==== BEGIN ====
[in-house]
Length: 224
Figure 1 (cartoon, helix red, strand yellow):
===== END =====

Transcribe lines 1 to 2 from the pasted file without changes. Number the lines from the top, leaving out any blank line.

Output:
[in-house]
Length: 224